Author:Sorensen, William

How does the high quality of health education and patient care at University of Utah Health benefit the state's economic strength? By putting the innovations born here in The Beehvie State on the national radar for research, reputation and rankings.

In health care, nothing matters more than patient trust, which is usually based on a provider's ability and a patient's satisfaction. The trust factor feeds into reputation, which is what patients and communities often rely on when making health care decisions. Reputation is a big factor in determining the health or the viability of a medical institution.

"Once again, the nation takes notice of University of Utah Health," said Mike Good, CEO, when the U.S. News rankings were released this spring. "Many of our medical and nursing programs now rank in the top 15 nationally when compared with other public institutions." The rankings include 120 public and private medical schools in the United States, but as Good points out, "Our School of Medicine is tied for #15 in research among public medical schools and is #14 among publics for primary care. The physician assistant program ranks #2 among public programs."

Updated rankings are released annually in mid-March, which adds to to the excitement surrounding "Match Day." That occurs when fourth-year medical students get "matched" in residency programs. Students, often accompanied by proud family and friends, rip open an envelope to find out where they will live and work while completing a residency--a multi-year, in-depth training within a specific branch of medicine. It's a day of jubilation that equals commencement, a few weeks later, when medical students get a diploma and formally take the title "Doctor."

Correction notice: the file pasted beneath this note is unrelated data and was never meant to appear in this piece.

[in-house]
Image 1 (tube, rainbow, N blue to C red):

Match Day is also significant for U of U Health because it serves as a measure of how well the institution is preparing providers to deliver high-quality health care. This year, 95.8% of fourth-year students matched on March 15. That's almost two full percentage points above the national average of 94%. The 120 graduates in the class of 2019 will enroll in 93 residency programs in 30 states and one province.

"We take pride in the fact that we can match our students anywhere in the country in great programs," says Adam Stevenson, MD, who serves as Associate Dean of Student Affairs for the School of Medicine. "Physicians out of our medical school have an enviable national reputation for serving as top-quality residents."

That reputation extends...

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